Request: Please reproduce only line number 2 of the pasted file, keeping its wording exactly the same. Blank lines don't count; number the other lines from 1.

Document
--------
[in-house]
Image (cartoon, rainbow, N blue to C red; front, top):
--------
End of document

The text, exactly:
Image (cartoon, rainbow, N blue to C red; front, top):